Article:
Common allergies: Shellfish allergy

Shellfish allergy develops more often in adults and older children. This allergy can develop at any age and can be due to foods that have been previously eaten without any issues. Many individuals who are allergic to one type of shellfish are often highly sensitive to other types of shellfish. In addition, many individuals with this allergy will not lose the allergy over time.

Indications of shellfish allergy

An allergic reaction to certain foods typically starts within minutes to a few hours after consuming the offending food. The severity of the symptoms tends to vary widely from one individual to another.

Those who are mildly allergic experience itchiness and a few hives while severe cases can end up with severe, life-threatening symptoms such as breathing difficulty or swelling of the throat. The symptoms of this food allergy can include any of the following:

  • Hives
    Shellfish allergy

    The mild reactions can be managed with oral antihistamines while severe reactions require an injectable epinephrine.

  • Itchiness
  • Eczema
  • Wheezing
  • Swelling or tingling of the throat, lips or throat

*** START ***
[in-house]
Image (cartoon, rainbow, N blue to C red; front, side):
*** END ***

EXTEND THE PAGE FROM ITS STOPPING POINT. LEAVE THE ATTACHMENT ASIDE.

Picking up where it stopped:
• Shortness of breath, tightness of chest or breathing difficulty
  • Abdominal pain
  • Nausea or vomiting
  • Diarrhea
  • Fainting
  • Dizziness
  • Anaphylaxis or systemic allergic reaction involving several parts of the body

How to avoid exposure

If an individual has shellfish allergy, it is vital to strictly avoid shellfish to prevent a reaction. Manufacturers are required to list down the common allergens on the labeling to easily identify food allergens. The labels should clearly list the allergens such as wheat, soy, cow’s milk, peanut, egg, tree nuts, shellfish and fish. Once an individual is suspected with the allergy, the following must be avoided:

  • Clams
  • Abalone
  • Conch
  • Cockle
  • Crab
  • Mollusks
  • Crayfish and crawfish
  • Lobster
  • Octopus
  • Mussels
  • Oysters
  • Scallops
  • Snails
  • Prawns and shrimps
  • Squid

Always remember that shellfish protein can become airborne during the cooking process and trigger an allergic reaction. Some individuals can experience a reaction after handling shellfish.

When eating outside, be careful when eating fried foods since some restaurants utilize the same oil to fry seafood as well as non-seafood dishes. An allergy to iodine or radiocontrast material and allergy to seafood are not related. If an individual has shellfish allergy, he/she should not worry about reactions with the radiocontrast material or iodine.


  • The individual should be aware of the foods and beverages consumed.
  • Carefully check the labelling before using a particular product even if the food is safe the last time it was eaten.
  • Children should be instructed not to accept food from others.
  • When eating outside, ask the server regarding the ingredients used and how the food was prepared.
  • An individual with the allergy must always wear a medical alert bracelet with details regarding the allergy.
  • Consult a doctor on how to prepare for a reaction. The mild reactions can be managed with oral antihistamines while severe reactions require an injectable epinephrine.



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